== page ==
20: App Development Lifecycle Series - DesignPublished January 25, 2019
Run time: 00:19:21
In Part 2 of our App Development Lifecycle Series, Tim breaks down the Design phase. Design is not only how your app looks, but also how it works. In this episode, we share how we work with our clients to design a valuable and easy-to-use mobile app experience for their users.
In this episode, you will learn:
- What is design, and why it’s not just what the app looks like
- Four principles we use at The Jed Mahonis Group to make well designed apps
- How we use constructive criticism to make better-designed apps
Recorded January 17, 2019 | Edited by Jordan Daoust
Welcome to Constant Variables, a podcast where we take a non-technical look at mobile app development. I'm Tim Bornholdt. Let's get nerdy.
Today on the show, we are continuing our mini series on the app development lifecycle with the second phase, design. So in the previous phase, the strategy phase, we held a strategy session, we drew up some wireframes, we established our user stories, and we got our team in place. So by the end of the design phase, we will have an asset catalog, which contains all the images, colors, fonts, layouts, all the things that you would think of when you think of design that our developers can take and turn into a functioning app.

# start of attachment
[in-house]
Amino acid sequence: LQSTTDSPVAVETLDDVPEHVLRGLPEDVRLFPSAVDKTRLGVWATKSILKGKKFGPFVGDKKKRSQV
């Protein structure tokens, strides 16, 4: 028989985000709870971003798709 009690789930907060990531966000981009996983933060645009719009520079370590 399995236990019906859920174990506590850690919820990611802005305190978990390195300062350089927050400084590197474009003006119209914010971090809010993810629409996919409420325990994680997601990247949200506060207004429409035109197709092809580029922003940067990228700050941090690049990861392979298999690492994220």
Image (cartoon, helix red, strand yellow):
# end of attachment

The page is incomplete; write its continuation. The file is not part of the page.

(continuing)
So first off, what is design? Well, I think when most people think of design, they think of what you see on the screen, the pretty pictures, the colors, the way things are formatted and laid out. And that is part of it. That's about half of it. That's what we call user interface or UI. The other half that people don't think about so often, but is just as important as UI, is UX, which is user experience. It really takes both of those concepts, UI and UX, to pull off a well polished, and well designed app.
So when we are going through design here at JMG, we adhere to a few core design principles. And when we follow these principles, we think it leads to a better design experience for the user, which again, UI and UX. The key word in both of those is user. So I want to go over just four principles that we consider here when we're designing apps and see how, you know, that can apply to your app.